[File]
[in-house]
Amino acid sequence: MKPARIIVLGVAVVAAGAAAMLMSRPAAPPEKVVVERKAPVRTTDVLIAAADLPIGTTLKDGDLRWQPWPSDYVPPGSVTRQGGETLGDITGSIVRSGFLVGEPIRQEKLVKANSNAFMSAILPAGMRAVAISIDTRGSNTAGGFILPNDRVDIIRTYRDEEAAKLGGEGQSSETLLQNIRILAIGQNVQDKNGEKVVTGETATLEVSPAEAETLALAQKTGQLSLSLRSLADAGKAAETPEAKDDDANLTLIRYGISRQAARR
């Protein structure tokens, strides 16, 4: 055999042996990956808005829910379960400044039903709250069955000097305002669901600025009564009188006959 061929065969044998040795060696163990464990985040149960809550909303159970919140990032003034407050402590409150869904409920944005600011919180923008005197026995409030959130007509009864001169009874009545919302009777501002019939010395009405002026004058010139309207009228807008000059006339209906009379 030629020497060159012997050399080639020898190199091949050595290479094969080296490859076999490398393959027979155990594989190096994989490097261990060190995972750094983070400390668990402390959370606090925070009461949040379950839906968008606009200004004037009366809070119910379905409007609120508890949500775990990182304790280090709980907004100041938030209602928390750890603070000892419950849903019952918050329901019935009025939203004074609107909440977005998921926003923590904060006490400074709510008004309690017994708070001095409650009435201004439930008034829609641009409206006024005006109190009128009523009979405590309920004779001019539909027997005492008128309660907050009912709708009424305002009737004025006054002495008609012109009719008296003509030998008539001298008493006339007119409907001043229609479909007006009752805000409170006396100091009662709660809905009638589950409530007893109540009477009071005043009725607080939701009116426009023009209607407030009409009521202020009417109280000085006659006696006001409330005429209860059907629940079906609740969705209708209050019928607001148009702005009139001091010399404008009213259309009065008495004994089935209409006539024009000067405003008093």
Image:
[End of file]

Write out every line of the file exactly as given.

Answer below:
[in-house]
Amino acid sequence: MKPARIIVLGVAVVAAGAAAMLMSRPAAPPEKVVVERKAPVRTTDVLIAAADLPIGTTLKDGDLRWQPWPSDYVPPGSVTRQGGETLGDITGSIVRSGFLVGEPIRQEKLVKANSNAFMSAILPAGMRAVAISIDTRGSNTAGGFILPNDRVDIIRTYRDEEAAKLGGEGQSSETLLQNIRILAIGQNVQDKNGEKVVTGETATLEVSPAEAETLALAQKTGQLSLSLRSLADAGKAAETPEAKDDDANLTLIRYGISRQAARR
């Protein structure tokens, strides 16, 4: 055999042996990956808005829910379960400044039903709250069955000097305002669901600025009564009188006959 061929065969044998040795060696163990464990985040149960809550909303159970919140990032003034407050402590409150869904409920944005600011919180923008005197026995409030959130007509009864001169009874009545919302009777501002019939010395009405002026004058010139309207009228807008000059006339209906009379 030629020497060159012997050399080639020898190199091949050595290479094969080296490859076999490398393959027979155990594989190096994989490097261990060190995972750094983070400390668990402390959370606090925070009461949040379950839906968008606009200004004037009366809070119910379905409007609120508890949500775990990182304790280090709980907004100041938030209602928390750890603070000892419950849903019952918050329901019935009025939203004074609107909440977005998921926003923590904060006490400074709510008004309690017994708070001095409650009435201004439930008034829609641009409206006024005006109190009128009523009979405590309920004779001019539909027997005492008128309660907050009912709708009424305002009737004025006054002495008609012109009719008296003509030998008539001298008493006339007119409907001043229609479909007006009752805000409170006396100091009662709660809905009638589950409530007893109540009477009071005043009725607080939701009116426009023009209607407030009409009521202020009417109280000085006659006696006001409330005429209860059907629940079906609740969705209708209050019928607001148009702005009139001091010399404008009213259309009065008495004994089935209409006539024009000067405003008093």
Image: